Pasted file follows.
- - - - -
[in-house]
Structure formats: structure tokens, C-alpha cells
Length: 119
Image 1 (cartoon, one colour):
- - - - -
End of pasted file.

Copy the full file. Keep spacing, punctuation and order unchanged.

[in-house]
Structure formats: structure tokens, C-alpha cells
Length: 119
Image 1 (cartoon, one colour):